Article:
The 2009 harvest, characterized as unusually late, wet and followed by a warmer-than-average winter, has raised grain quality concerns among grain handlers, processors and users across the country. Over the past decade, grain quality has been generally good and taken for granted, but faced with today’s grain condition challenges, grain elevator operations managers are looking for better ways to monitor their stored grain.
A joint research effort by Kansas State University, Purdue University and BinTech, with help from The Andersons, Inc., has answered their call. They’ve developed a new method of measuring grain quality by using CO2 readings as an early indicator for problems such as spoilage, mycotoxins or insect infestation. High CO2 levels indicate a problem because as grain decays and breaks down, it gives off heightened levels of CO2. The higher the level, the more deterioration is likely.
The research project, now in its 10th year, has resulted in the first-ever continuous CO2 monitoring system, BinTechCO2, which will be commercially available in June this year. Using this system can aid in making educated business decisions, such as when to move, process or sell grain.
K-State/Purdue/BinTech research project
Dr. Dirk E. Maier, Ph.D., P.E., professor and department head of grain science and industry at Kansas State University, initially began monitoring CO2 levels in 1998 on small 500-bushel-bins at Purdue University’s Post Harvest Research Center while serving as associate professor and extension agricultural engineer at Purdue. The first goal was to determine the smallest amount of CO2 activity that could reasonably be measured, and reveal what that activity represented in terms of grain spoilage in the structure.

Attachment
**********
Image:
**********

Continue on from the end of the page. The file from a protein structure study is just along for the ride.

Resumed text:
“CO2 levels can be used as an early indicator of spoilage activity and we wanted to find out what the alert levels are — at what point should people take proactive grain quality management steps,” says Maier.
They found that cause for alarm occurs when the bin’s CO2 level reaches three to four times greater than the background CO2 level on a consistent basis. Generally, the background level for CO2 is around 400 ppm. Readings around 1,000 ppm indicate the bin should be watched; readings of 1,200 to 1,600 ppm means further investigation is required because there likely is a problem.
They also determined that a slow but growing background level can be indicative of an issue. For example, if the background level starts at 400 ppm and grows to 600 ppm and then 800 ppm over a span of weeks, it indicates there’s something at a low level going on in the bin, perhaps insect infestation.
In 2000, Bob Marlow, operations manager of The Andersons, Inc. Delphi, IN facility, located 20 miles outside of Purdue University, signed on to be a part of Maier’s study. The research team applied the same technology used on the smaller bins at Delphi’s 500,000-bushel-bins. Today, a total of 20 pilot facilities in Indiana and Kansas are participating in field work and producing data for the project every day.
Guy Fromme, P.E., founder and general partner of BinTech, Louisville/Boulder, CO, played an integral role in Maier’s research from the beginning by providing custom-made, permanently mounted CO2 sensors. Over time, the project answered basic questions regarding sensor placement in the bin, number of sensors required in the bin and how to design a sensor that addressed the air-entrained grain dust while having the desirable characteristics of low maintenance and low cost.
The result is BinTechCO2, the grain industry’s first commercially available fixed CO2 monitoring device that will be available for purchase this summer.
A new tool in the box
The most accurate way to describe BinTech CO2 is as a grain management tool. The system works with a small solar-charged control box that mounts on the bin roof. The control box collects and buffers in-bin data and sends that to BinTech’s secure central server once or twice per day.